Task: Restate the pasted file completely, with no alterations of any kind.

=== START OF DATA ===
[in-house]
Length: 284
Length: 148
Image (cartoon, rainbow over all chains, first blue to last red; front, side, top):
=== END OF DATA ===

[in-house]
Length: 284
Length: 148
Image (cartoon, rainbow over all chains, first blue to last red; front, side, top):